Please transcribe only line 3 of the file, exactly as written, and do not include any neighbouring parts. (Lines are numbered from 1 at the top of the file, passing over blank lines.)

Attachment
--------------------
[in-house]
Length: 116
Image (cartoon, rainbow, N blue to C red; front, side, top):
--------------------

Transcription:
Image (cartoon, rainbow, N blue to C red; front, side, top):